Let Your Teeth Do the Talking

Your teeth help you chew good food and have great conversations, but did you know that they do a lot of talking on their own as well? One of the first things people notice when they meet someone is the other person’s smile. It is such an important part of who you are, and it speaks volumes. Your Brampton dentist shares what your teeth say about you.

What Do My Teeth Say About Me?

Your teeth are more than just a pretty smile. They can reveal a multitude of different things about you from your age all the way down to your personality. Here’s what your dentist in Brampton says your teeth can communicate:


Teeth that are younger are typically more rectangular in shape, while older ones tend to have more rounded edges. This is because of natural wear and tear that happens over the years, and the average human will lose between one to five millimeters of their tooth length in their lifetime.


Biological females’ central incisors (your two front teeth), are typically longer than the surrounding and more rounded lateral incisors on either side of them. In contrast, biological males’ lateral incisors tend to be more square and longer than those of females.

Mental Health

Much like fossils, the enamel on your teeth records the history of your body’s reactions to different experiences. Teeth can tell researchers whether an older person has been exposed to heavy metals or if they have a high risk of developing Alzheimer’s. If a child is malnourished or has been subjected to physical abuse, their teeth may have multiple cavities or be chipped.


This one might be news to you, but your teeth actually have a lot to say about your personality type:

  • Aggressive: Those with aggressive tendencies usually have more pointed canine teeth that are longer than their lateral incisors. These people are also prone to grinding, meaning there will be evidence of wear on their teeth.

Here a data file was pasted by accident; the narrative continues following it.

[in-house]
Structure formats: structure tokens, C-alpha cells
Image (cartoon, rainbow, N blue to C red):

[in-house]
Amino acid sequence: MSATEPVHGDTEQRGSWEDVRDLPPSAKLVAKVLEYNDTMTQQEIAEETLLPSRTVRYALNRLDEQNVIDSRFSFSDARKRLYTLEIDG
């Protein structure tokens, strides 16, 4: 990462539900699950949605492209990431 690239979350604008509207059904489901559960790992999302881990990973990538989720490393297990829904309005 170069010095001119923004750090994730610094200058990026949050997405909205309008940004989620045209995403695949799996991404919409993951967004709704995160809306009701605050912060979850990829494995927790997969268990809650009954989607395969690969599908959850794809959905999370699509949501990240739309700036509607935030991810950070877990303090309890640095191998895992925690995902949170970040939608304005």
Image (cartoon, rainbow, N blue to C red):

• Anxious: Like aggressive personalities, anxious people often grind or clench their teeth excessively, signaling feelings of stress or anxiety. This can lead to cracks or even tooth loss.
  • Competitive: Hallmarks of a competitive personality include jaw clenching, teeth grinding, and even consistent ice chewing. The enamel on teeth will often show signs of damage due to these habits.
  • Party Animal”: Indulging in excessive drinking, smoking, and carbonated drinks are typically associated with the party lifestyle, but the acid and sugar can take a toll on your teeth by leading to decay or gum disease.
  • Passive: If you’re a “chill” person who rarely deals with stress, you’ll likely have flatter canine teeth with curvier tips due to lack of grinding and clenching.

Your teeth are remarkable body parts that do much more than help you look great in photos. Next time you flash your pearly whites, think about what you want them to tell someone!

About the Author

Dr. Vince Fava and Dr. Zaid Babahami lead the team of experts at Torbram Dental. They both place high priorities on continuing their education to provide patients with the highest quality of care. It is important for them to help everyone achieve the smile of their dreams, and they are passionate about ensuring their patients’ comfort in a trusted atmosphere. Keep your smile looking great and schedule your next dental check-up with us online, or call 905-792-7163.

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